Gregory the Great (Pope?) writes: “Ego autem fidenter dico, quia quisquis se universalem Sacerdotem vocat, vel vocari desiderat, in elatione sue Antichristum praecurrit, quia superbiendo se caeteris praeponit. Nec dispari superbia ad errorem ducitur, quia sicut perversus ille Deus videri vult super omnes homines; ita quisquis iste est, qui solus Sacerdos appelari appetit, super reliquos Sacerdotes se extollit.”
Which roughly translates: “Therefore I fully affirm that whoever calls himself the universal Priest, or wants to be called that elevates himself to Antichrist, because he vaunts himself over all the others. Not only does this extreme arrogance lead to error, it’s also perverse since this person wants to be seen as God over all people; thus whoever he is, who wants to be called the Priest alone, he exalts himself over all the other priests.” (Cited in Principle of Protestantism, 169 — Feel free to correct my translation if it needs it.)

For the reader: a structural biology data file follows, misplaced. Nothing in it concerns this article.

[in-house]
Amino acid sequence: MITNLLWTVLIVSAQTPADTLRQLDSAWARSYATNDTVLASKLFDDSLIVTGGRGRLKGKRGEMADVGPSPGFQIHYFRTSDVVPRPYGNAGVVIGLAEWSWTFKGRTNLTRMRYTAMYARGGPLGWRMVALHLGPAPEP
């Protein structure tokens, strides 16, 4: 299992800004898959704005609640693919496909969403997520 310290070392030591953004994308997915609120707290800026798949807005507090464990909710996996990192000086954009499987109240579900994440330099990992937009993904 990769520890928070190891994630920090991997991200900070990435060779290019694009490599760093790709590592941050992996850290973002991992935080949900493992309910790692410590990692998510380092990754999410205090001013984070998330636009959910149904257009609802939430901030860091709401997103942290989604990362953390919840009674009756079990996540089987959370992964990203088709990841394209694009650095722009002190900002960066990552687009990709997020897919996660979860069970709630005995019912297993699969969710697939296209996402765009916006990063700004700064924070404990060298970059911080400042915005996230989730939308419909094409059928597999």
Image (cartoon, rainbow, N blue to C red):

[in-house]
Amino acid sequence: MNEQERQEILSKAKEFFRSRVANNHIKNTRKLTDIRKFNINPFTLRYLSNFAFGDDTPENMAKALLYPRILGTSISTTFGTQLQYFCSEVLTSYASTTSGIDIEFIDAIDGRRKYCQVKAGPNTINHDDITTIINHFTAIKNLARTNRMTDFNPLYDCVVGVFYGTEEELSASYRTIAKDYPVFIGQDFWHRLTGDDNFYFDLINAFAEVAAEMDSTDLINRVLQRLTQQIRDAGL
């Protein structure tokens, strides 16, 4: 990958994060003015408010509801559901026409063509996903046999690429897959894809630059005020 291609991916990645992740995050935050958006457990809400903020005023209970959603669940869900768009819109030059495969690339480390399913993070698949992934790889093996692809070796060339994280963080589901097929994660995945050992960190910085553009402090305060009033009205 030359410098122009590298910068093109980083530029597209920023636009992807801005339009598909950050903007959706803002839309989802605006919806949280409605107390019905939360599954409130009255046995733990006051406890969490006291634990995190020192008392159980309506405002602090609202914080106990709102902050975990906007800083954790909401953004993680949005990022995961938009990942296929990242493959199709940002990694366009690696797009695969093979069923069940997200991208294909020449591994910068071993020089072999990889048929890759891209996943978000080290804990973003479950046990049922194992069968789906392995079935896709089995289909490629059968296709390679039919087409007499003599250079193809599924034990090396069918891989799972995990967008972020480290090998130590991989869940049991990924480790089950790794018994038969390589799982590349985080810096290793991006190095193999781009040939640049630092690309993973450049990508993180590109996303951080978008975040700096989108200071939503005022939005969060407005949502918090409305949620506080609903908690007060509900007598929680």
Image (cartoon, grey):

One postscript to this quotation: This is an example of the medieval and patristic pedigree of Protestantism. It wasn’t like Luther and Calvin came along and decided they really didn’t like the Pope, flipped through their Bibles till they came to a bad name to call him, and them slapped “Antichrist” on the Papal See. They were in good catholic company calling the office of the “universal bishop of the Church” Antichrist. It was at least part of the teaching of the fathers.